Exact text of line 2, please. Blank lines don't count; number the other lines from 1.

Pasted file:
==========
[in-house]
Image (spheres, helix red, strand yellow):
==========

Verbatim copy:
Image (spheres, helix red, strand yellow):